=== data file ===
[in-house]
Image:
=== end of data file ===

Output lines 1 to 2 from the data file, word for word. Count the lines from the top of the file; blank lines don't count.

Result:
[in-house]
Image: